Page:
Chris Rix and Brock Berlin are so intent on making the most of their senior seasons as high-profile quarterbacks for major programs that it took a hurricane to knock them off course.
Hurricane Frances postponed Monday night's epic Florida State-Miami game in the Orange Bowl to Friday.
In a way, Frances provides an appropriate backdrop for the whirlwind careers of Rix and Berlin, two of the most highly touted and picked-over quarterbacks from the sterling 2000 high school crop.
Rix starts his fourth year as starting quarterback for Bobby Bowden at Florida State, a miracle itself given some of the passes he has thrown and the fits he has caused.
"Coaching him has been a little different," Bowden said this week. "Not from bad standpoint, unhealthy standpoint, but from maybe a more different standpoint of communication."
Rix is from Southern California; Bowden was raised in Alabama. That translates roughly to four years of dude versus dadgummit.
Rix's crimes against humanity include going home in the summer, throwing into double coverage, trying to do too much with his extraordinary pass-run gifts and, lastly, never beating Miami.
Berlin starts his second year as Miami quarterback after a strange career that began at Florida with Steve Spurrier.
Berlin transferred to Miami with the idea of picking up in the national-title hunt where Ken Dorsey left off. Instead, Berlin had the audacity last season to throw more interceptions than touchdowns, 17 versus 12, which caused Miami to lose two games.
Miami and Florida State have combined to win seven national titles in the last 21 years, and the problem is Berlin and Rix have not added any trophies to the stash.
Both are seniors, fellow Christians and friends, first hooking up at a high school quarterback camp in California.
Rix and Berlin have known the joys of quarterback life and what it means to hear nasty things said about them on talk radio.
Both enter this season with a chance to erase doubts and secure their legacies while leading teams with national championship horsepower.
"They both have got a lot to prove," Bowden said. "Both are in a position now to do it. Berlin's got year under his belt, our guy's got three years under his belt. There's no doubt in my mind, your mind or their mind, if they're going to do it, it better be this year."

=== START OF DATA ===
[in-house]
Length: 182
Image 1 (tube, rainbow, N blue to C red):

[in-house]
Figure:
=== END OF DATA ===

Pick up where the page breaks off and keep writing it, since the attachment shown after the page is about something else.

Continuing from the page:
Rix and Berlin seem to sense the urgency.
Rix stayed in Tallahassee all summer to work out with his receivers and bond with his teammates.
"I admit when I first got to Florida State, it wasn't my No. 1 priority," Rix said.
Rix actually posted quality numbers last year -- 3,107 yards and 23 touchdowns -- but continued to confound Florida State coaches and fans with his decision-making.
"We've just taken the road that we ain't going to hold nothing back," Bowden said. "Whatever we're going to do we're going to try and do it because we think he's ready for it."
Miami Coach Larry Coker feels similarly about Berlin, who spent hours in the offseason studying tape of last year's performances.
"Film is the best way to learn," Berlin said.
The plan was to not make Berlin the focal part of the offense last year, instead relying on superstar tailback Frank Gore. But that changed when Gore tore knee ligaments in the Hurricanes' fifth game against West Virginia.
Consecutive losses to Virginia Tech and Tennessee knocked Miami out of the national-title hunt and stirred criticism of Berlin, even though Miami finished 11-2 and twice defeated Florida State.
Berlin and Rix have stayed in contact since high school.
"We just know what each other goes through as far as the criticism or anything else that comes along with the territory of being a QB at a high-profile program," Rix said.
A few first-week story lines worth tracking:
Sylvester Croom breaks the Southeastern Conference head-coaching color barrier Saturday in Starkville, Miss., leading Mississippi State against Tulane.
"As much as I love history, one day I'll appreciate it," he said on a teleconference this week. "I do feel good about the fact my life will have made an impact. But right now the most important thing is our players, their welfare, and us winning ballgames here at Mississippi State."
The Bulldogs were 2-10 last season. . . .
Had Mike Price and George O'Leary not messed up their coaching careers, they'd be looking at two opening wins this year.
Alabama, the school at which Price coached for about five minutes before a strip-club scandal derailed him, opens with a cinch home victory against Utah State.
Instead Price, who starts his career over at Texas El Paso, opens the season tonight at Arizona State.
Had O'Leary not fudged on his resume, he'd be taking Notre Dame to Provo, Utah, this week to meet mediocre Brigham Young.
Instead, O'Leary's Central Florida team heads to Madison to face, gulp, Wisconsin. However, O'Leary won't be making the trip because he'll be attending his mother's funeral.